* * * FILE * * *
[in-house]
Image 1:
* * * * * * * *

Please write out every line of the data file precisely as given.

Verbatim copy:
[in-house]
Image 1: